This is a good question. How much? Truth be told, I will probably use the bull spreads to manage my risk. But, if I wanted to trade optimally I'd probably have about a 35 point stop. So, I'd need to buy a put 30 to 40 points OTM.

  6. NoDoji



    The strategy either "does best" as you say or it doesn't.

    Is this strategy net profitable or not?

    If it does well with a catastrophic stop, then there's no problem, because you know that over time the frequent profits are outweighing the occasional catastrophic stop that gets hit. Wouldn't hedging with options simply mean you're diluting your potential profit because you're unable to accept your catastrophic stop loss being hit?

    If you're psychologically unable to handle taking the occasional large loss in an overall net profitable strategy, then dump the strategy. It's not worth the stress.

    I used to be a RTM trader and my large losses wiped out way too much of my profits. I learned to trade technical price action and I have no unnecessary stress while trading. I curse a bit when I take profits too soon for no particular reason, or when a bit of greed convinces me to hold a trade past its prime and give the whole profit back, but day-in/day-out, trading is a basic routine with the risk on every trade smaller than the reward and winners outweighing the losers.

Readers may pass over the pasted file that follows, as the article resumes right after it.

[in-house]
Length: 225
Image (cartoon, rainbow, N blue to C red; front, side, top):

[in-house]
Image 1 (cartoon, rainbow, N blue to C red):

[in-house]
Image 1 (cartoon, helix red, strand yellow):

IMHO, it's well worth mastering techniques that eliminate catastrophic stops and the stress involved with holding losers over time.
  7. Lucias


    The strategy is only in the market for 1 day and is very strong. I take every trade with my real money. But, I started trading at NADEX because I'm not trading full size contracts.